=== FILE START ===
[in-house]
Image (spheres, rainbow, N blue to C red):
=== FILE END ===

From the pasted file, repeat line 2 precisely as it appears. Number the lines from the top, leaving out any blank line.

Image (spheres, rainbow, N blue to C red):